Young reflects on time at MHS

By Steve Sell
December 19, 2014

When Tom Young woke up today, he did so for the first time in 44 years not thinking about the next game or the next season.

On Thursday, Young announced his resignation as McPherson High football coach after nine years. He dramatically changed the perception of MHS football, taking it from a perennial downtrodden program to one of the best in Class 5A, then Class 4A Division I.

Young compiled a 75-22 record during his tenure, each resulting in a postseason playoff berth, something the Bullpups had last accomplished in 1988 before his arrival. Twice he led the Bullpups to a school-record 10 wins and four times the team won eight games or more. He brought the excitement back, as MHS home games consistently drew packed McPherson Stadium crowds and made Friday nights “a happening.”

“I’m getting older,” the 65-year-old Young said Thursday afternoon in a phone interview with “By the end of the season I was mentally fatigued.”

This will represent his first break after 44 years. He had coached continuously, starting at Hanover, before going on to Wellington, Derby, Leavenworth and finally MHS. His greatest success came at Derby, where he coached for 21 years and won a state championship in 1994. He earlier had won state titles at Hanover and Wellington. He finished his career with 343 victories — second all-time in Kansas history to C.J. Hamilton of Silver Lake — and just 111 losses. He figures at some point to go into the state Hall of Fame and will most certainly be added to the MHS Wall of Fame once the automatic waiting period is over.

Young started at MHS in 2006 and many were skeptical that he couldn’t succeed despite his track record. The school has been known for decades for its basketball.

“I was optimistic,” he said. “I thought we could win here. I knew it was a good school and had community support. I was fortunate we had some good players.”

Young said he was proud of his accomplishments, but admits he would have liked to have guided MHS to a state championship. He thought the team had a great shot both in 2008 and 2012, but eventual state champions Hutchinson and Holton, respectively, derailed the Bullpups’ title hopes.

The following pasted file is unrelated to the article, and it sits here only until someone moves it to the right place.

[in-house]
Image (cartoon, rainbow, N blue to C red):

“I don’t think you’re ever completely satisfied, you can always do a little more,” Young said.

A key to MHS’ success, Young said, was that he had good people around him. His coaching staff seldom changed in his nine years and he thanked his assistants for their time and dedication. MHS was very seldom caught off guard during Young’s tenure and his teams generally had an advantage on the sidelines going into games.

Young, for the most part, had been a run-oriented coach at Derby, and his first MHS team relied on a strong ground game. But when some talented passers started to come through the system, he opened things up and the result was a point explosion. MHS’ teams made 30-point-plus games commonplace.

“I was fortunate we had some really good quarterbacks and some good receivers,” Young said. 

Young said what he’ll miss most is practice.

“I really enjoyed going to practice more than the games,” he said. “I enjoy the teaching aspect.”

Young also will be known for the SPS weight-training program that he instituted at the school, which has been a boon not just to the football program, but all sports. The physical development of student-athletes has been stunning and McPherson generally has some of the better athletes in the class.

Young, who will step down from his teaching duties in May, has no future plans at this point, except to spend time with his wife, Sheila, and their children and grandchildren. He has children who live in the Wichita area, so there’s a chance there might be a move to that area. He said one of his sons coaches in Texas and he might see if he could use an assistant with a little bit of experience.

At least he stepped down knowing that his finest job may have come in his final season. While the Bullpups’ 7-3 record wasn’t up there with the 10-2 and 9-2 teams, he probably did more with less than any other time in his nine years. The Bullpups had little depth and every week it seemed a key player would get hurt. Yet, he guided the team to upset wins over state-ranked Buhler and Hays in district play, before the season came to an end with a 28-25 upset loss to Mulvane in the first round of the Class 4A Division I playoffs.